It was just the World Cup ticket

I WISH I was a Swiss burglar. If that was my chosen profession I'd be crossing the border laden down with clocks, expensive chocolate and cow bells right now because every man, woman and child from there was in Dortmund yesterday.

I WISH I was a Swiss burglar. If that was my chosen profession I'd be crossing the border laden down with clocks, expensive chocolate and cow bells right now because every man, woman and child from there was in Dortmund yesterday. At least that's what it felt like.

To you, sitting at home wondering whether to bother tuning in to Togo v Switzerland just after lunch, the game did not take on much significance I'm sure but to those of us who travelled to Germany with a change of clothes, a smile but no tickets, it takes on a massive significance.

Brazil matches? No chance of a spare ticket under 200 euros. Germany? Forget it. But when Togo play, opportunity raises its shaven head and asks you slyly in a Scouse accent if you “need any tickets, like.”

Before anyone tuts at this point and recalls promises by the Germans that this would be a toutless tournament, they were living in Swiss cloud cuckoo clock land. In the streets around Dortmund's impressive Westfalstadion yesterday I saw people waving spares above their heads like a street magician shuffling a pack of cards.


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And here's the thing. Togo were sent more tickets by FIFA than England. No, it's true. Because they only seeded Brazil and Germany as regards the size of the stadiums they would be playing in (the FA asked them to take our massive travelling support into account to no avail, by all accounts) then it was totally random for all the other countries.

So, while England are to play in Cologne's 40,000 capacity Rhineenergie Stadion tonight, Togo and Switzerland squared up yesterday in a ground that holds 66,000.

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And the fact that Togo got so many tickets was the main reason there were so many touts hanging around the main station in Dortmund yesterday. One, seeing me looking lost and English-looking, sidled up and offered a pair of category ones (the best views) for 20 euros below their face value.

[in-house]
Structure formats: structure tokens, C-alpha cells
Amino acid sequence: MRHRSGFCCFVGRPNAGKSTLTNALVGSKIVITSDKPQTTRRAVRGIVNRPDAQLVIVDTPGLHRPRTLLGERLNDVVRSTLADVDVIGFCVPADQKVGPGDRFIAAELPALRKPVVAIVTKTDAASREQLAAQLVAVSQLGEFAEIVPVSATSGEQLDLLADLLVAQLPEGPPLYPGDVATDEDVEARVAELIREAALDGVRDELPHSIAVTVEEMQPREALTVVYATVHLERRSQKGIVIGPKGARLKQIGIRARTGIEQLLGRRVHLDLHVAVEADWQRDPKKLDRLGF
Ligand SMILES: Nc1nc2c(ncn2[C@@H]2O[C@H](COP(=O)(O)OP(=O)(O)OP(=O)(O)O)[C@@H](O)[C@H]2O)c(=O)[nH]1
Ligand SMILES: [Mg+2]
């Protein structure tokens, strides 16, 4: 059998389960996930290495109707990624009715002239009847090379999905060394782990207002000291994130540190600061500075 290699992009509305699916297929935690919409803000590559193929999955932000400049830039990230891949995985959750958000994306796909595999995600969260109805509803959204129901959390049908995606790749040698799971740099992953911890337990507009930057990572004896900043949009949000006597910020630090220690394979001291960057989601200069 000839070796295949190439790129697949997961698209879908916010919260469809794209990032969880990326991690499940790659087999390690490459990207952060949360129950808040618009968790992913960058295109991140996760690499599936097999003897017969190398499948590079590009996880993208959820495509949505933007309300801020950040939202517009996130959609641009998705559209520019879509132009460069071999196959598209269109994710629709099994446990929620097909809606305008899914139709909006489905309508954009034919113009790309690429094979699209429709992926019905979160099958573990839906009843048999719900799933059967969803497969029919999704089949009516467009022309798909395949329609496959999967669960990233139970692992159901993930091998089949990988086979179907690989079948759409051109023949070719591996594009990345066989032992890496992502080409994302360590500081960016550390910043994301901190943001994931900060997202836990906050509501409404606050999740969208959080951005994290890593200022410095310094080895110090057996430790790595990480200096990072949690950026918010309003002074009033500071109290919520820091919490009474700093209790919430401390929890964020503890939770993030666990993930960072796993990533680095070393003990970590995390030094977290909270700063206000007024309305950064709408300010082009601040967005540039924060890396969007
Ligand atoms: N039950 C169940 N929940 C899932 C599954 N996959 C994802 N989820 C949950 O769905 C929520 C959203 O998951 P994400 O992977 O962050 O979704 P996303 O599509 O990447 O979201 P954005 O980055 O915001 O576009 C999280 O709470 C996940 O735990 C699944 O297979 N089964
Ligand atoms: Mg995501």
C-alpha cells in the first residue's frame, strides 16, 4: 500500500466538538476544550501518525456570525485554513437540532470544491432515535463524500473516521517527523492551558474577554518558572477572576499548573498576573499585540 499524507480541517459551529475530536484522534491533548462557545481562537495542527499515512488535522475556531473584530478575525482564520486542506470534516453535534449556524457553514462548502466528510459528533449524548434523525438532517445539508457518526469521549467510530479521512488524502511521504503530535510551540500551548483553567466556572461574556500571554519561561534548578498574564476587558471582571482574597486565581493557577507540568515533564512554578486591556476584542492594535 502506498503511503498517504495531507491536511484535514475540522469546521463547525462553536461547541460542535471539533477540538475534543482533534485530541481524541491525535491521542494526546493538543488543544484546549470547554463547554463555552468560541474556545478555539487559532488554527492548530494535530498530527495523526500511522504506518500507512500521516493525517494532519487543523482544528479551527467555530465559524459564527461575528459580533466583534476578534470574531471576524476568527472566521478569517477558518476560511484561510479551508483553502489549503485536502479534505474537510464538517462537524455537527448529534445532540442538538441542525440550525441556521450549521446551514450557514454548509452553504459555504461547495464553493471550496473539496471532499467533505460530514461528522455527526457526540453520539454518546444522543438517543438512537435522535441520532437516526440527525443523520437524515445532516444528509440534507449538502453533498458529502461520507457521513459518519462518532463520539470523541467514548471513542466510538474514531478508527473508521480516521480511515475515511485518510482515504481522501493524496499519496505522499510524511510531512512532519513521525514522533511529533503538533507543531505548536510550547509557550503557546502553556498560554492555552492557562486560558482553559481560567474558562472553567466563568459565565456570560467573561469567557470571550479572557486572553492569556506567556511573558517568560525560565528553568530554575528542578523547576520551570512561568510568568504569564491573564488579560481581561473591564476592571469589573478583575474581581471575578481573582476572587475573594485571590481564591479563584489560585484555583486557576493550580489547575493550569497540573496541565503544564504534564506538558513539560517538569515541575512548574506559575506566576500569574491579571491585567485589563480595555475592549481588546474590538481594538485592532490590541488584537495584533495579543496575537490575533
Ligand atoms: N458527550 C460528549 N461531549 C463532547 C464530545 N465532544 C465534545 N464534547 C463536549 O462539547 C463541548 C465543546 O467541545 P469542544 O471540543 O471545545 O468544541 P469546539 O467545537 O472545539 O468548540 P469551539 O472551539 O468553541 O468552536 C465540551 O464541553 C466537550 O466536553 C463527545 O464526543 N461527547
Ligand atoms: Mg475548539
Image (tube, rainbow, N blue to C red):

When I started to haggle, he hissed “not here” and ushered me aside to the nearby pharmacist, away from the prying eyes of the police.

And so it was that, by the make-up counter, two grown men engaged in serious conversation while trying not to look suspicious. If it wasn't so important, I would have laughed.

Getting a ticket is only half the fight though, getting into the ground then presents a new set of problems. Queuing up behind hundreds of swaying Swiss fans clutching a ticket that said I was part of the official Togolese Federation, it was easy to let the imagination run riot.

In the worse case scenario, I would be led away from the turnstile to a small room with no windows where a man with a small moustache and horn-rimmed spectacles would tell me “Herr Mellen, we haf ways of telling you how you got zis ticket.”

There was also the danger that they would ask me to sing the Togo national anthem, and I'm hazy on the lyrics these days.

In the end, none of this happened, and I was able to skip - yes, I confess I was so happy to get in that I did do some sort of jig up the stairs - into the jaw-dropping surrounds of Dortmund's awesome ground.

You're lost for words when you first emerge. When I tell you that one end alone holds 25,000 supporters, you get some idea of the scale of the place.

And it was rammed with red faces, flags and shirts yesterday. There were so many Swiss there it felt like being inside a Babybel cheese.

They generated numerous Mexican waves (which they 'chased' around the ground by shouting “Hey!..Hey!..Hey!” as though they were herding cows back home), sang lots of songs which involved not many words, but a lot of swaying, and performed a short ditty about Heidi, which I gathered was not about her capabilities with hand-rearing goats.

And they got the result they wanted, as did I. It's all very well watching games on big screens and mixing with the rest of the World, but we're all here to see games.

So if you'll excuse me, I have a train to catch. Cologne calls, and I expect the tickets will be a lot dearer there.

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